New study examines layoffs and their consequences
Ottawa, ON -- One of the possible consequences of layoffs for workers is wage loss. According to a new study f...
Ottawa, ON — One of the possible consequences of layoffs for workers is wage loss. According to a new study from Statistics Canada, people who were laid off between 2002 and 2006 and who subsequently found work were nearly 60% more likely to experience a decrease than an increase in their hourly wages. This proportion is similar to that observed from 1993 to 1997.
When there was loss in hourly wages, it amounted to more than 20% in the majority of cases. This held true for both observation periods. Despite these losses, few workers fell into low income after being laid off.
This study compares the probability of layoff and the related consequences between two periods, that is, 1993 to 1997 and 2002 to 2006. The first period was marked by low employment growth and weak global demand, while the second period was characterized by sustained employment growth and a downturn in the manufacturing sector. The entire study period ends before the most recent economic slowdown.
Layoffs also affect pension plan coverage. While 57% of laid-off workers were not covered by a pension plan in either the lost or new job, approximately 20% lost their coverage by changing jobs. Furthermore, the new jobs were just as likely to be unionized as the old ones. This was true for both observation periods.
The probability of finding a new job one year after being laid off was higher from 2002 to 2006 (81%) than from 1993 to 1997 (73%). This reflects the more favourable economic conditions in the 2000s, which lasted until the fourth quarter of 2008, that is, until the beginning of the most recent economic slowdown. This greater propensity to be employed one year after layoff was widespread, but it was more pronounced for women and less-educated workers.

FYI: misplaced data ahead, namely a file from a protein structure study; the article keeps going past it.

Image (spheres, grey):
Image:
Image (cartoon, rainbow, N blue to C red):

Note: This article is based on Survey of Labour and Income Dynamics (SLID) cross-sectional and longitudinal data. The cross-sectional analysis covers the period from 1993 to 2007, which is itself divided into two sub-periods: 1993 to 2000 and 2001 to 2007. The longitudinal analysis compares what occurs after layoff using two panels (1 and 4). The consequences of layoffs are compared between two periods (1993 to 1997 and 2002 to 2006). The last year of each panel had to be excluded so that each laid-off person had an equal chance of finding employment during the observation period. Each panel of respondents, that is, approximately 15,000 households and 30,000 adults, is surveyed over six consecutive years. Bootstrap weights were applied in order to factor in the complex design of SLID.
The article Layoffs in Canada is available in the May 2010 online edition of Perspectives on Labour and Income, Vol. 11, no. 5, from the Key resource module at the www.statcan.gc.ca website, listed under Publications.